Rebooting Counterfactual History with JFK Reloaded
Traffic’s 2004 JFK Reloaded is a notorious example of a videogame that attempts to engage with real cultural heritage: the assassination of John F. Kennedy in 1963. Unlike pseudo-historical games such as Civilization or Age of Empires, which evoke the signifiers of History without actual history, JFK Reloaded is rooted soundly in an identifiable—and for many of its detractors—experienced event. The game is a first-person shooter, in which that first-person happens to be Lee Harvey Oswald. The goal is to reenact the shooting at Dealey Plaza with as much fidelity as possible to the findings of the Warren Commission Report (i.e. Oswald acted alone, firing three bullets from a single rifle, from the sixth floor of the Texas School Book Depository). I want to leave aside the considerable outrage over the game and instead focus here on the promise of JFK Reloaded, not as a way to recreate history but as a way to reimagine it.
Back in 2004, Traffic labeled JFK Reloaded a “docugame” and most critical readings of the game continue to see it as some form of interactive documentary. In Playing the Past, Tracy Fullerton places the game squarely within Michael Renov’s classic definition of documentary media, as the game “interrogates” the past. More recently, Bogost, Ferrari, and Schweizer suggest in Newsgames that JFK Reloaded is a very specific kind of documentary. Bogost et al. describe three different “playable realities” that documentary videogames can simulate in the name of experiencing or understanding the past: a spatial reality, in which players explore the physical environment of a historical event (a recent example would be Osama Bin Laden’s Abbotabad compound, modeled in Counter Strike: Source); an operational reality, which recreates specific events, hewing to the historical record; and a procedural reality, which models “the behaviors underlying a situation, rather than merely telling stories of their effects” (69).
According to Bogost et al., JFK Reloaded presents an operational reality. Players recreate in a structured, limited way (and guided by their own knowledge of the assassination) the essential operations of the assassination: waiting for the motorcade from a hidden perch, sighting the rifle onto Dealey Plaza, and firing into the presidential limousine.
However, as Bogost notes in Persuasive Games, a work that precedes Newsgames, there is more to JFK Reloaded than the simple attempted recreation of a historical event. It is nearly impossible to “win” the game, by which I mean matching the Warren Commission findings. This impossibility, Bogost suggests, is a kind of procedural rhetoric, a kind of procedural reality layered upon (or beneath) the more explicit operational reality. As Bogost puts it, “the developer’s stated goal [of reaffirming the Warren Commission Report] was a ruse” (132-133) and in fact, I would add, the game highlights the goal’s exact opposite—the improbability of the Warren Commission’s findings.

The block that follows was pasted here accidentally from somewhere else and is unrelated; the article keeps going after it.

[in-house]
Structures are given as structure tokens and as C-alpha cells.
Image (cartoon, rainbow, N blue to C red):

Bogost goes on to describe the emergent behavior of JFK Reloaded, in which players can drastically alter the events of November 22, 1963, causing car crashes, committing mass murder, and spurring other alternate versions of that day in Dealey Plaza.
And this is my launching point for a rather fanciful use of JFK Reloaded: what if, say, in a composition or history classroom, we were to use the results from a particular run of JFK Reloaded as the genesis for an entire alternate history of the United States?
This idea occurred to me as I was demonstrating JFK Reloaded to my videogame studies students a few weeks ago. I wasn’t able to match the Lone Gunman theory (and never have), but I did happen to shoot Jackie Kennedy’s pink pillbox hat. As the hat flew from the limo, leaving the First Lady unharmed, I suddenly wondered, What if that’s all that happened? What if the extent of the trauma on November 22, 1963, was the flight of Jackie’s pillbox hat? What would history look like from there?
What would be different today if this video were an accurate portrayal of what historians now called the Kennedy Assassination Attempt? Certainly the fashion industry would have responded, eulogizing the pillbox hat well before its demise in our own universe. But what else would be different? The U.S. leaves Vietnam in 1964? Meaning the antiwar protest movement never takes off? And then Woodstock doesn’t happen? And Hippies don’t happen? All because of some pink hat flying through the air in Dallas?
Play the Past’s own Rob MacDougall has written elsewhere about the value of counterfactual history—it’s what MacDougall calls “playful historical thinking” (a nod, I’m assuming, to Sam Wineburg’s excellent Historical Thinking). And I think JFK Reloaded can be co-opted—played in a paragaming kind of way—for the purposes of historical thinking, rather than simply for history. What’s important about JFK Reloaded is not what happens when you play the game, but what you imagine happens after the events you have simulated have unfolded. Maybe the hat gets shot into the air. Maybe Kennedy is only wounded, and his popularity swells, allowing him to grapple with Civil Rights years before LBJ. Maybe only Governor Connally is fatally shot, rewriting Texas political history, which would change U.S. history, how?
Taken by itself, JFK Reloaded is a small-minded affair, too focused on a single event to have lasting resonance. But played my way, as one link in a chain of events, the game becomes much more important. It becomes a tool. And this is the best way to understand JFK Reloaded: not as a documentary videogame, but as an engine of counterfactual history.